A day after he was removed as CBI Director by the Prime Minister-led selection committee, Alok Verma refused to take charge as Director General, Fire Services, Civil Defence and Home Guards and told the government that he “may be deemed as superannuated” with immediate effect. He was to complete his fixed two-year tenure on January 31.
A 1979-batch AGMUT cadre IPS officer, Verma, in a letter to Chandramouli C, Secretary, Department of Personnel and Training, said the selection committee did not provide him an opportunity to explain details as recorded by the Central Vigilance Commission (CVC) before arriving at the decision to transfer him.
“Natural justice was scuttled and the entire process was turned upside down in ensuring that the undersigned is removed from the post of the Director CBI. The selection committee did not consider the fact that the entire CVC report is premised on charges alluded by a complainant who is presently under investigation by the CBI,” Verma said, referring to his deputy, CBI Special Director Rakesh Asthana who complained against him last year. Verma was divested of his charge on October 23 by the CVC and the government following which he approached the Supreme Court. On January 8, the Supreme Court set aside the October 23 order but made it clear that the issue of his divestment was “still open”. It asked Verma to confine himself to routine functions and not take any major policy decision till the selection committee took a call on his future. Two days later, the committee voted 2-1 to oust him.
In his letter, Verma said it may be noted that the CVC only forwarded a purportedly signed statement of the complainant (Asthana), and the complainant never came before Justice (retd) A K Patnaik who was supervising the enquiry. “Also, Justice Patnaik has concluded that the findings and conclusions of the report are not his,” he wrote.
The DoPT is yet to accept Verma’s resignation and said consultations are being held with the Ministry of Home Affairs, the cadre controlling authority of IPS officers. Sources said the government may take disciplinary action against Verma based on the CVC report and chargesheet him before he completes his tenure.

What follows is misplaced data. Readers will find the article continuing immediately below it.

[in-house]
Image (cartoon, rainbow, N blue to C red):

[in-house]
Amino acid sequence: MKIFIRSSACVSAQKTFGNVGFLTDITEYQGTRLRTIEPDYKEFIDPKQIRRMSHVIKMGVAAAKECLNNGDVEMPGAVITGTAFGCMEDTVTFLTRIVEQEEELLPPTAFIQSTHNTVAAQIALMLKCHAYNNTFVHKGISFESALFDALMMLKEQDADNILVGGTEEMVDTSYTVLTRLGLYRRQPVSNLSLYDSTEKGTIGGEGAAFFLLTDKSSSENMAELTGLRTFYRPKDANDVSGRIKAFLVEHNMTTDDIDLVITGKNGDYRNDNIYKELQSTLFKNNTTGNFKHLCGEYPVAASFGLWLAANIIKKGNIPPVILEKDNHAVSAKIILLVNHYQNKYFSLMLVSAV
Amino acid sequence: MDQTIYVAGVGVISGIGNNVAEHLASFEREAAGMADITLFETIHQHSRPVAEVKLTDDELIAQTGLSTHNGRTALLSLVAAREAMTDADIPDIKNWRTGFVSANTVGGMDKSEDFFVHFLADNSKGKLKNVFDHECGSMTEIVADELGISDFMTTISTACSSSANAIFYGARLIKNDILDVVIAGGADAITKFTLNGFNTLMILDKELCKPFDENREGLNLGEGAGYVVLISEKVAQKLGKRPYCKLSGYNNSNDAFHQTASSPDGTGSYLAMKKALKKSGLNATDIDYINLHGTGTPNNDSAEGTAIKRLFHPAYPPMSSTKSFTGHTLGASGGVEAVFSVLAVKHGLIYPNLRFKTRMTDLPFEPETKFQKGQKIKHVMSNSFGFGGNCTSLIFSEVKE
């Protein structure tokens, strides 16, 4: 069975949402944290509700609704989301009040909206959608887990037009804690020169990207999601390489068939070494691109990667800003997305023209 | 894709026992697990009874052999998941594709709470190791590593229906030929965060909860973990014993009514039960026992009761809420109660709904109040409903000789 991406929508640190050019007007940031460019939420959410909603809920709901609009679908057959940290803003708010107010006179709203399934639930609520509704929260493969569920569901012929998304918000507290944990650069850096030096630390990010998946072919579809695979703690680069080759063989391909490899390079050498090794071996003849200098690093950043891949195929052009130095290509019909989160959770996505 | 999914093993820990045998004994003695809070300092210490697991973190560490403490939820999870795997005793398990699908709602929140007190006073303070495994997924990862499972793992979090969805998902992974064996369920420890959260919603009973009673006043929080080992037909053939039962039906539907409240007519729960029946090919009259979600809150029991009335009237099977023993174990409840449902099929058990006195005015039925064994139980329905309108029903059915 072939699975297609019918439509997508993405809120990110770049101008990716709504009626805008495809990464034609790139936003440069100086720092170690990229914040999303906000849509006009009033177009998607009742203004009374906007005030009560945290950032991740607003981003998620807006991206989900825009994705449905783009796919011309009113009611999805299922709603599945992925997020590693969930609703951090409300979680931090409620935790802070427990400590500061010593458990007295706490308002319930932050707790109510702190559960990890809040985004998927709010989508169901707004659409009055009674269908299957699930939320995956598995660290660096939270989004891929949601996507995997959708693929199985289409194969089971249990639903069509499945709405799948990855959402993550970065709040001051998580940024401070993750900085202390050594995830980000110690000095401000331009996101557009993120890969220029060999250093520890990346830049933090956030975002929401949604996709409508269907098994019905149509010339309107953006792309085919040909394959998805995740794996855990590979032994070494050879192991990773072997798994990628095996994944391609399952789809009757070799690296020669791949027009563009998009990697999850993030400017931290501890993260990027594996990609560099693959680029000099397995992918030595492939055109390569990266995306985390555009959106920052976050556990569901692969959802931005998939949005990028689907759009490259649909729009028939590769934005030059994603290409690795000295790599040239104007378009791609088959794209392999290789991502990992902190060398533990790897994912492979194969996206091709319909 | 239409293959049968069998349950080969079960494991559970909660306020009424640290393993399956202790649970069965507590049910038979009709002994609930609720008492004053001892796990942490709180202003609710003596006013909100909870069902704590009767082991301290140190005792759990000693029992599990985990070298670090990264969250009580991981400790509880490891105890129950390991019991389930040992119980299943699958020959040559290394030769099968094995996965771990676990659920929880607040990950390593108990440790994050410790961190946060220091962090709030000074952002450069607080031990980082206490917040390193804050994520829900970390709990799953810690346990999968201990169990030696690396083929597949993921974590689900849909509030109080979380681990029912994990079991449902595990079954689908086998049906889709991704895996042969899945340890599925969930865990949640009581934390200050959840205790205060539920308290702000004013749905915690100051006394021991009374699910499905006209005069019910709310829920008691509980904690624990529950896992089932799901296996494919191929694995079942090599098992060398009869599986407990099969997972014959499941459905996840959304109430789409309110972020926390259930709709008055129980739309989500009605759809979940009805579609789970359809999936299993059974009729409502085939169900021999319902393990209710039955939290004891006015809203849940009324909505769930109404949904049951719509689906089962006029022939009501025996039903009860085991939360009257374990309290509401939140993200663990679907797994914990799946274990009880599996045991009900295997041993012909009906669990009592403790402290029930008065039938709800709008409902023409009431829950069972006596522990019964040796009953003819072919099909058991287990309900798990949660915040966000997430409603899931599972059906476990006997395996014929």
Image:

Verma asked the government to consider him superannuated since he had already completed his service tenure on July 31, 2017. “…it may be noted that the undersigned would have already superannuated as on July 31, 2017 and was only serving the Government as Director, CBI till January 31, 2019 as the same was a fixed tenure role. The undersigned is no longer Director, CBI and has already crossed his superannuation age for DG, Fire Services, Civil Defence and Home Guards. Accordingly, the undersigned may be deemed as superannuated with effect from today,” he wrote.
He said “institutions are one of the strongest and most visible symbols of democracy and it is no exaggeration that the CBI is one of the most important organisations in India today. The decisions made yesterday will not just be a reflection on my functioning but will become a testimony on how the CBI as an institution will be treated by any government through the CVC, who is appointed by majority members of the ruling government. This is a moment for collective introspection to state the least”.
Verma had no prior experience of working in the CBI and was picked by the selection panel in 2017 based on his stint as Delhi Police Vigilance chief. “As a career bureaucrat, it is the idea of my integrity that has been the driving force for four decades in public service. I have served the Indian Police Service with an unblemished record and have headed police forces in Andaman and Nicobar Islands, Puducherry, Mizoram, Delhi and also headed two organisations, Delhi Prisons and CBI,” he said.